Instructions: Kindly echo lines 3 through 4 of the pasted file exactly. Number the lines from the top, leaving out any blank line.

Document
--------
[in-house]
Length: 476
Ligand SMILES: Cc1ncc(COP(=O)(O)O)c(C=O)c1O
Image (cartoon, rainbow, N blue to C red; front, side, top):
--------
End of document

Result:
Ligand SMILES: Cc1ncc(COP(=O)(O)O)c(C=O)c1O
Image (cartoon, rainbow, N blue to C red; front, side, top):